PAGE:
01 December 2010

Misbehavin' in the college classroom

Professor Bainbridge has an interesting post up about how profs should manage classroom misbehavior in a college setting.

I remember one philosophy prof of mine flinging an eraser at a frat boy when he popped open a copy of the newspaper (ca. 1983).  And I remember another philosophy prof demanding that all the guys in class remove their caps.  

I started teaching undergrad English in 1987, long before laptops and wireless internet access became university entitlements.  The daily campus newspaper often made an appearance on desktops (the non-cyber kind), but my classes were always heavy on reading and discussion.  Also, I was rather free and eager in calling on students to answer questions.  

During summer sessions at U.D., facebooking, etc. became a problem, so I started calling on the miscreants to read aloud and explicate passages from the assigned readings.  After being called on for the third time in a row, the offenders usually got the point and stopped the nonsense.  

Any war stories from profs/students on bad classroom behavior?

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  1. I teach high school theology and routinely have interruptions, students with heads down, and sbtudents texting. I have larned o interweave student behavior into moral narratives.

    "And so Jesus said, 'if your texting plan causes you to sin, cut it off,' didn't He, Mr. Smith?"


    "Mr. Smith?"

    *snickers from the rest of the class*

    What most offends me, though, is that it's usually the parents texting their kids in class.

  2. I teach 6th grade Catechism. Just yesterday I had a girl daydreaming in the back during discussion of the Annuciation. I explained how Mary was a girl of 14 or so, minding her own business, when I, Gabriel, with huge wings and a face like the sun, appeared to her.

    I then strode to the back of the room, got down on one knee, and declared, "Hail, full of grace, the Lord is with Thee" to my bored student, and obliged her to be Mary for the next few minutes, including my announcement that she would be having a baby.

    That is a typical response, where I physically engage a kid in the learning process. I should mention I do have occasional troubles with electronic devices, but the above tactic cures them.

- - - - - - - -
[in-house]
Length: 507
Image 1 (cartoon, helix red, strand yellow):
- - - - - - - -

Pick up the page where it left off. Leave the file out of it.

3. I sometimes tell students that their baseball caps block the knowledge rays (put out hands at arms' length, wiggle fingers) block the knowledge rays from penetrating their skulls. Sometimes it works.

  4. Wow, I just realized how poor my typing was earlier. Blame the iPad. Stupid tiny keypad!

  5. Hi - long(ish) time reader, first time commenter. I like your preparedness to be interactive with the students and call upon them. When I wear my 'student hat' I never enjoy simply being talked at, but like to 'test' the material and its great when a lecturer is prepared to explore an idea with a student.

    Back as an undergrad in a business/computing class, I was constantly amazed at how irate my professor would be if someone got up to the bathroom or something similarly benign and justifiable. It became exasperating for the rest of us as students and made for disjointed coverage of the lecture material - he had a very poor classroom management style indeed!

    A little further on when I did my theology study I found all of the lecturers more grounded in reality. There was a mutual respect between lecturer and student... of course at postgrad level everyone is a whole lot more serious and motivated so there weren't any incidents requiring management.

  6. Anonymous10:36 AM

    I remember a prof at UD who chain smoked cigs while he lectured and would fling away cig butts without really paying attention to where they went. The students had to pay attention so they would know when to duck!

  7. Anonymous11:38 AM

    My unconstitutional monarchist history prof would say that %5 of the students actually deserve and belong in a university. Perhaps another 10% don't deserve to be there, but rise to the occassion and demonstrate they belong there and can handle the work. The other 85%... well that's the larger problem of what's wrong with the university over rude classroom behavior.